[Review is currently without visual aid; images will be added as soon as possible.]
I like to put a level of creativity in my reviews – but normally, that’s kind of contingent on the story encouraging a creative response. Like Dark Crisis #1, issue #2 does little to convince me such effort is necessary. There’s good stuff here, but it’s shallow – content without the depth that would normally warrant comprehensive analysis. So, let’s see what we’re working with instead!
“Fall of the Titans” is exactly what you think: with a few small exceptions, the book is entirely about the attack on Titans Tower, and the fall of the Titans Academy. I’d warn you for spoilers, but like issue #1, it doesn’t do much more than what it says on the tin. We don’t see the new Justice League in action, aside from Superman – and we only get a little hint as to the larger story at play, one involving Pariah, The Flashes, the Green Lantern Corps and the Great Darkness. It essentially relies on you being invested in the Titans and their academy… which I’m not, despite DC’s best efforts to establish a new era for the team.
That being said, I’ll freely admit the pacing of this book is quite good! I never felt bored with the story, yet I didn’t think anything was being rushed along. While I wasn’t emotionally invested in the Titans Tower falling yet again, I did feel like it was a good way to develop the plot. Deathstroke has been fighting the Titans since his conception, and this all-out assault on their way of life in the absence of the Justice League feels like a culmination of sorts – the Terminator coming to collect his debts, and Nightwing’s school paying the price.
The action is good, too. Daniel Sampere’s art continues to be of absolutely stellar quality – it’s one thing to show a bunch of A-list superheroes standing together, another thing entirely to show a lot of D-list villains in an action sequence, without them making seem completely ridiculous. This book takes itself quite seriously, even though it really shouldn’t: not with Deathstroke rocking a haircut like that.
Beast Boy isn’t dead, and I’m not sure if I prefer it being a cheap fakeout or not. He’s not the first DC character to get shot in the face and survive (hi, Joker!), so whatever, I suppose. Despite the decimation and destruction on display in this issue, it’s of little ultimate impact – the Tower can always be rebuilt, and no one ends up actually dying. I will, however, confess that the story grows more intriguing! Nightwing, Superman and Black Adam seem to be the major players in this book, and while the cast is proving to be a bit of a sausagefest so far, I expect future issues to expand the cast and show us exactly what we’re in for. You don’t have my attention, but you have my curiosity – keep up a good pace and you might get more.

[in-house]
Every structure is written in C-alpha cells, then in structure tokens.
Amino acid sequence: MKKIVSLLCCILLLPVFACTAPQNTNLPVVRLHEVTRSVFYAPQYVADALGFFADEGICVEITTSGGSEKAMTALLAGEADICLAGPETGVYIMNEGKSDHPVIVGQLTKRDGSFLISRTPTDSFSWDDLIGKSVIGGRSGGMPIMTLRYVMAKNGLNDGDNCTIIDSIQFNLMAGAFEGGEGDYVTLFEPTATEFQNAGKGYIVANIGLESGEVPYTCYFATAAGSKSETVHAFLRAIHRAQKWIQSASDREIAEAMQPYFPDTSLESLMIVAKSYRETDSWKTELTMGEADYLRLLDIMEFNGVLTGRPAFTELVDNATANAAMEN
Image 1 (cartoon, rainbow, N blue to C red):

- You’re invested in the livelihood of the Titans.
- You weren’t completely turned off by my first review.
- The expanding conspiracy and broading scope of the story excites you. These are not stellar recommendations, but I’m working with what I’ve got here.
I don’t think this book is all that creative, but you can’t say it’s not ambitious – and I like how it’s branching out to give Legacy characters their time in the spotlight during a major event! I’d go into it more, but it’s hard to be very detailed or comprehensive about a book that doesn’t have much substance as of right now. For now, I’ll simply say it hasn’t lost me – let’s see what it takes for it to grab me.
Disclaimer: DC Comics provided Batman News with a copy of this comic for the purpose of this review.
Author’s Twitter: @ObnoxiousFinch